Our data show that a larger proportion of patients are prescribed antithrombotic treatment after stroke compared with that reported by Volpato et al. However, neurologists prescribed antithrombotic treatment at discharge significantly more often than internists, and this is independent of other confounding factors. Whether this is because of the special interest our neurologists have in stroke, to their greater exposure to the results of the multicenter randomized control trials and overviews, or to a targeted promotion of the newer antiplatelet drugs, is not clear. The stroke outpatient clinic at the University Hospital of Patras helps to maximize the proportion of patients on preventive treatments, and possibly also helps to maintain the compliance with treatments, although, it is not possible with our data to tell whether the patients who did not attend the clinic complied with therapy. We are currently examining the prescription and compliance of preventive treatments for other modifiable stroke risk factors.
Volpato S, Maraldi C, Ble A, Ranzini M, Rita Atti A, Dominguez L J, Barbagallo M, Fellin R, and Zuliani G. Prescription of antithrombotic therapy in older patients hospitalized for transient ischemic attack and ischemic stroke: the GIFA study. Stroke. 2004; 35 (4): 913–917.
We appreciate the interest of Drs Ellul, Talelli, and Papapetropoulos in our article on antithrombotic prescription in older Italian patients with ischemic brain events.1 We found a substantial rate of patients (≈40%) discharged from internal medicine and geriatrics departments without antithrombotic therapy prescription. We also found that presence of physical and cognitive impairment was the most important independent factor related to the likelihood of having the antithrombotic prescription.
In their work, Ellul and coauthors reported a higher prevalence rate of antithrombotic prescription (80%) in a sample of 278 patients discharged with an ischemic stroke from neurology and general medicine wards. They also pointed out that patients discharged from neurology departments were more likely to receive antithrombotic treatment as compared with patients from general medicine wards. This difference was independent of age, gender, vascular risk factors, and cognitive impairment. The authors therefore concluded that neurologists are more prone than general physicians to adhere to international guidelines for ischemic stroke secondary prevention.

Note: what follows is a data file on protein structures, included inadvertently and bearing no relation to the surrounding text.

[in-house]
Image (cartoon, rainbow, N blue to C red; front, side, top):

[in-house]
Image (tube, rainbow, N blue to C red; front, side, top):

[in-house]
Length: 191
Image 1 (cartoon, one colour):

This hypothesis is interesting and certainly plausible; however, other potential explanations should be considered. Although the authors did account for important confounders, including age and cognitive status, other major clinical characteristics, potentially related to both drug prescription pattern and patient setting allocation, were not included in the analysis. Indeed, in our clinical experience, the more complex patients, characterized by older age, higher comorbidity level, physical disability, and polypharmacotherapy, are more likely to be admitted to a geriatric or internal medicine ward. In these complex patients, systematic application of guidelines is often challenging and not always feasible. Therefore, the lower antithrombotic prescription rate recorded in the general medicine department may be, at least in part, the result of a careful clinical evaluation and not the consequence of lack of adherence to evidence-based medicine. In keeping with this interpretation, a recent article reported a different prescription rate of statins according to age and cardiovascular risk profile with the oldest patients with the highest risk profile having the lowest probability of statins prescription.2